Mayor Landrieu announced at his State of the City speech today that New Orleans is on pace for it’s lowest murder count since 1971. Depending on which incidents you’re counting New Orleans has had between 59 and 62 murders in 2016 which puts the city on pace for 126 to 132 murders.
That pace, if realized, would represent a drop of 36.7 percent since the city hit 199 murders in 2011. That’s great news, but as I’ve noted several times before, murder is a bad statistic for measuring gun violence largely because whether a shooting victim lives or dies in a shooting is often the result of thousands of random outcomes that cannot be controlled.
There have been 2,728 shooting incidents in which a victim was struck from the beginning of 2010 through June 20, 2016. Of those 2,728 incidents, 35.2 percent (959) have led to at least one person being killed. In 2016, however, only 28 percent (54 of 192) of shooting incidents have been fatal thus far compared with over 40 percent at this point in 2015. That’s the difference between being on pace for 130 murders as we are right now and 160 murders as we would be if 35 percent of shootings were ending in a fatality.
This factor leads to the inevitable conclusion that a similar number of shootings will produce more murders over the remainder of the year. Put another way, murder will likely rise some time in the not too distant future without a substantial reduction in shootings.
It stands to reason then that at some point the luck will shift and a significantly larger percentage of shootings will begin ending in fatalities. This shift through time can be seen in the below table which tracks shooting incident by each half of the year since 2010. We’ve actually seen fatal shooting percentages this low over six months twice before (July to December 2010 and January to June 2014) and in both cases shootings in the following half of the year were substantially more deadly.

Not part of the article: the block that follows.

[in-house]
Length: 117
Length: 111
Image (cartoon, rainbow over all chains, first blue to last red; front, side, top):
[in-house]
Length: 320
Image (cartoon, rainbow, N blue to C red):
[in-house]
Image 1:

|Year||1st Half||2nd Half||Change|
Only 27.5 percent of shootings ended in a fatality over the second half of 2010 which was followed by over 38 percent in the first half of 2011. In the first half of 2014 only 29.9 percent of shootings ended in a fatality followed by 34.5 percent over the second half and over 40 percent in the first half of 2015.
As the above table and the below chart show, what’s driving murder in 2014, 2015 and the first six months of 2016 has been changes in luck. Luck was good for 2014 and murder hit its lowest point in decades despite there being 70 more shootings than in 2013. Shootings went down in 2015 but luck went bad and murder came up 10 percent.
This year we are on pace for 410 shootings, about 5 percent more than 2015, but 30 fewer murders because shootings are leading to fatalities 12 percent less this year than last year at this time. It would be wonderful if it held over the long term and an alternative explanation was possible (opening of University Medical Center perhaps?), but our recent history suggests a similar number of shootings will produce more murders as we go forward.